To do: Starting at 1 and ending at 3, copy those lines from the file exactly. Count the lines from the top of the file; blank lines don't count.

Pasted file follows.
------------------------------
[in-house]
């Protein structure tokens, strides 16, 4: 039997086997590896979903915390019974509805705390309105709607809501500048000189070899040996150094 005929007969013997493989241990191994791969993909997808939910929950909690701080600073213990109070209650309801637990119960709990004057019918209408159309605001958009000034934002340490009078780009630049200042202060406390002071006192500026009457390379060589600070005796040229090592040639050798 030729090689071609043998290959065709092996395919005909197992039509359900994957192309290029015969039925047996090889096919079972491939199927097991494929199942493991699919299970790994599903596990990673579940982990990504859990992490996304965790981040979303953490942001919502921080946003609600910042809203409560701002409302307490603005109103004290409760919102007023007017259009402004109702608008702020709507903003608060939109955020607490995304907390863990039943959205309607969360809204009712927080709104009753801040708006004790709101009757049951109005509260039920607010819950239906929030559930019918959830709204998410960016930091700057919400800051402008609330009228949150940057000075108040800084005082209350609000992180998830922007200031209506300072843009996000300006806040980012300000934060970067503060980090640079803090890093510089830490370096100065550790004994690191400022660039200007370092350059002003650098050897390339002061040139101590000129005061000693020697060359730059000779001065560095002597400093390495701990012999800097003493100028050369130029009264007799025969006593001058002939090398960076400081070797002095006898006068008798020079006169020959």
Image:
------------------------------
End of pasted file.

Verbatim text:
[in-house]
């Protein structure tokens, strides 16, 4: 039997086997590896979903915390019974509805705390309105709607809501500048000189070899040996150094 005929007969013997493989241990191994791969993909997808939910929950909690701080600073213990109070209650309801637990119960709990004057019918209408159309605001958009000034934002340490009078780009630049200042202060406390002071006192500026009457390379060589600070005796040229090592040639050798 030729090689071609043998290959065709092996395919005909197992039509359900994957192309290029015969039925047996090889096919079972491939199927097991494929199942493991699919299970790994599903596990990673579940982990990504859990992490996304965790981040979303953490942001919502921080946003609600910042809203409560701002409302307490603005109103004290409760919102007023007017259009402004109702608008702020709507903003608060939109955020607490995304907390863990039943959205309607969360809204009712927080709104009753801040708006004790709101009757049951109005509260039920607010819950239906929030559930019918959830709204998410960016930091700057919400800051402008609330009228949150940057000075108040800084005082209350609000992180998830922007200031209506300072843009996000300006806040980012300000934060970067503060980090640079803090890093510089830490370096100065550790004994690191400022660039200007370092350059002003650098050897390339002061040139101590000129005061000693020697060359730059000779001065560095002597400093390495701990012999800097003493100028050369130029009264007799025969006593001058002939090398960076400081070797002095006898006068008798020079006169020959």
Image: